How much reading do you engage in on a daily basis?
Are you a voracious reader? Do you have some of your time allocated to active reading on a daily basis or does your reading time only goes as far as the time you spend reading social media updates?
Do you know that not having a good reading habit might actually be a disservice to yourself?
While entertainment and relaxation are some of the reasons for reading, there are more to reading than just for fun. You can read to get informed, you can read to get inspired and you can read to acquire new skills but that’s not all. There are more significant benefits of reading, and that is our topic for today. You may already be aware (or not) of many of these benefits. Whichever is the case, this article aims to inform and/or remind you of some of the great benefits that are associated with forming and maintaining an active reading habit.
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The benefits of developing a good reading habit
1. Mental step up
One of the benefits of reading books is that it improves your mental health. Reading is a great way to keep the brain healthy and improve one’s overall mental strength and flexibility.
According to a research finding at Fisher Center for Alzheimer’s Research Foundation, exercising the brain by taking part in activities such as reading books/magazines, writing or other mentally stimulating activities can help keep the brain healthy. The study author also made it clear that engaging in this kind of activities across a person’s lifetime is important for brain health in old age.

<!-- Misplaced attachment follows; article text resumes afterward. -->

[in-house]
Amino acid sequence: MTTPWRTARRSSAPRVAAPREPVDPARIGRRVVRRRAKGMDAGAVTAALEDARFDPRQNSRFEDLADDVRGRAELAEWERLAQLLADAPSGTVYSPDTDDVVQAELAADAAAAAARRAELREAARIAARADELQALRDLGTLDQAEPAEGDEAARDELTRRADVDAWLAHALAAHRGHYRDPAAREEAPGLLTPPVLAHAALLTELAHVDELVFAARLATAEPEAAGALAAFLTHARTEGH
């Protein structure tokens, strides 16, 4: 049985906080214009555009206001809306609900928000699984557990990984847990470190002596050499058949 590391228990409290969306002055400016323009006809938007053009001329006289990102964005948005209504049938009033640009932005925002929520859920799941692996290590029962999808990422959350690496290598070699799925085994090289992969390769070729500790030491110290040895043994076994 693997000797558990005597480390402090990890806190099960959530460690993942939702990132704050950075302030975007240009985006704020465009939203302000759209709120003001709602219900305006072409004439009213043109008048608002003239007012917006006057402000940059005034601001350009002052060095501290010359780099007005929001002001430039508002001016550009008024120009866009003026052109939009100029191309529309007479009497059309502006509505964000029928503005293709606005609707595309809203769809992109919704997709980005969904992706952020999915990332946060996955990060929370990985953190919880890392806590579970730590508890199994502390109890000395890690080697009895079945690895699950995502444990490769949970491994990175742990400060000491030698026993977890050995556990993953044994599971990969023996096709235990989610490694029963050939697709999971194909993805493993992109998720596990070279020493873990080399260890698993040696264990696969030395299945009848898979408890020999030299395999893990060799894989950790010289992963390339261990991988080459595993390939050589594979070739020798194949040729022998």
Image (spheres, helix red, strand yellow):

Also, one of the most popular issues with mental health in old age is Alzheimer’s disease. The findings of that same study also support the growing pieces of evidence that reading can help keep Alzheimer’s away.
2. In-depth knowledge
No matter how powerful a computer is, if the only thing installed on it is the operating system, then that particular computer might just be as good as useless. Let’s be real here, what can you do with a computer that has no software installed on it? No music in the music library, no movies, no book, no internet, no text editor, no … the list goes on.
You may have the most powerful computer in the world but it can only bless you in return based on what has been programmed into it. You cannot upload pop music to your computer and expect it to play jazz. Neither can you upload Ramsey Noah films on your computer and expect it to play Samuel L Jackson.
The mind is just like a computer, it can only bless you back by processing what has been programmed into it. The harsh truth is that if you programme nothing into your mind, it will simply have nothing to give back to you.
One of the benefits of reading books is that it enables us to continue to programme great things into our minds and to keep improving ourselves in order to be able to become, do and have the great things we truly want in life.
How do you become a medical doctor, a lawyer or an engineer or whatever field of profession that interests you? You programme the theoretical and practical knowledge about that chosen field into your mind. Reading multiple books on a particular field can lead you to acquire in-depth knowledge in that field. So, take up the challenge and hone your reading habit for knowledge acquisition.
3. Vocabulary expansion
It is easy to frequently find yourself wanting the right words to use to express yourself correctly if you do not have enough arrows in the quiver of your vocabulary.
If you know have the synonyms for most words programmed into your memory, you will have less trouble coming up with the right words to express yourself in a precise manner.